Management of controversial material in public libraries
MLA have now published the summary of responses to their consultation on Management of controversial material in public libraries (http://www.mla.gov.uk/publications/).
It is disappointing to note that only 39 responses were received on this very important subject. And only 25 of these responses came from local authorities, despite the potential impact of this guidance on public libraries.
The responses are not very supportive of the draft guidance. 37% did not think that the guidance meets the needs of library managers and staff in stock selection and a further 10% felt that it only partly met these needs. The precedent of Section 28 was raised by several respondents in terms of such guidance making librarians more risk averse in their stock selection.
31% of respondents did not think that the guidance will help libraries to fulfil their role as access points to publicly available information. Many respondents requested clarification with regard to the concept of ‘legally published’ material.
The biggest area of concern related to community cohesion – 43% of respondents did not agree that the guidance would help to promote community cohesion and only 36% agreed that it would. There was a strong concern that the guidance could generate fear and apprehension and deter librarians from being proactive in promoting cohesion.
56% of respondents requested further and more explicit guidance, particularly around internet use. The MLA will not be able to take forward significant guidance about internet use but they are willing to revisit this issue with the sector and professional bodies.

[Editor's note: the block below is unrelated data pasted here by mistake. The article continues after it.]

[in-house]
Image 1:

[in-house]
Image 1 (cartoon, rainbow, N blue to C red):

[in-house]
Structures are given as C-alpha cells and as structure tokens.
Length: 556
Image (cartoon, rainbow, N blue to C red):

Very few respondents had worked with other groups in creating their response. Only 2 local authorities had consulted outside the library team and none of the respondents consulted with external partners or community groups.
Two specific issues were raised which MLA will seek to respond to or include in the final draft of the guidance – data protection and the records of library users and their borrowing; and the use of the term ‘legal publication.’
MLA will now redraft the guidance and seek resources for training and development on the guidance and associated areas of positive action for community cohesion. The revised guidance will be published in autumn 2008.
It is disappointing that so few people responded to this consultation and that those who did respond not consult in turn with their communities. It is also disappointing that MLA is going ahead with this guidance despite the strong concerns raised by respondents, particularly around the issue of community cohesion.
Information for Social Change will continue to campaign against this guidance and calls on library workers and organisations to join this campaign.
Information for Social Change